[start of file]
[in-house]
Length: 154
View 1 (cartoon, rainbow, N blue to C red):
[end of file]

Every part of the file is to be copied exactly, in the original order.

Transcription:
[in-house]
Length: 154
View 1 (cartoon, rainbow, N blue to C red):